World War II Collection, Vol. 2 – Heroes Fight For Freedom

World War II Collection, Vol. 2 DVDWarner Bros. has released yet another expansive box set from its very large film library. Like the title says, World War II Collection, Vol. 2 – Heroes Fight For Freedom gives us more films about World War II but this collection primarily deals with the battles in the Pacific.

It’s nice to see more of these lesser known war films — well, lesser known compared to The Big Red One and The Dirty Dozen that were found in the first World War II Collection box set.

Air Force

Howard Hawks (The Big Sleep, Rio Bravo) directs this tale about The Mary Ann – a B-17 Flying Fortress – as it deals with the battle at Pearl Harbor and flies missions over the Philippines, Wake Island, and the Coral Sea.

One of the refreshing aspects of Air Force is the film’s focus on the crew of The Mary Ann rather than on any specific battle. The crewmen interact with each other. These interactions are classic moments of boys being boys, as these guys have carefree conversations about anything on their mind. This carefree attitude even extends to some characters that aren’t well-liked.

Aerial Gunner Joe Winocki (John Garfield) is one such character who didn’t seem cut out for the Air Force. He was cut from the pilot program and had been moping around ever since. It isn’t until The Mary Ann picks up a dog named Tripoli from some Marines stationed on Wake Island that he is able to find his spirit. Even though it’s against regulations to have animals on board, Winocki fights adamantly to keep him. This fight for Tripoli reinvigorates Winocki and his sense of purpose on the B-17, even causing him to want to stay past his enlistment period.

Some of the crew felt uneasy about one addition — Pursuit Pilot Tex Radar (James Brown) — after the Pearl Harbor attack. Radar rubbed some the wrong way over his dislike of big planes. He might also have a thing for one crew member’s sister. But who knows?

The focus on the crew members’ relationships with each other isn’t fully realized until later in the film when much of the action (and for 1943 effects, they’re pretty darn good) happens. Getting to know each of the men allows you to become more involved in their well-being. When the Japanese attack, you worry for them; you root for them; you applaud them.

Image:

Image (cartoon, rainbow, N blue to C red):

36 Hours

The most important battle in World War II is the historic D-Day invasion. D-Day was the major turning point of the war in the Allies’ favor. James Garner (Major Jefferson Pike) stars in this George Seaton-directed tale of an elaborate Nazi ruse to get information about D-Day.

Pike is one of the few people who knows intimate details about the D-Day invasion, and the Nazis have had some success with falsifying their prisoners’ environment to make them think they are among friends. Major Walter Gerber (Rod Taylor) has 36 hours to obtain the information before the Nazis send in the SS to get it themselves.

Gerber is very confident that he will get what he wants. He’s been successful in eighteen other cases, and thinks he knows Pike as well as a brother. Despite Gerber’s successes, everyone is gunning for his failure. Will he succeed? The outcome of the war rides on it.

The film’s one weak spot is its lack of suspense. Gerber is a likeable character to hate. The hospital setting is too comforting an environment. Pike doesn’t seem in any real danger. 36 Hours is a fine movie, but it lacks the dire suspense that made Hitchcock films so thrilling.

Thirty Seconds Over Tokyo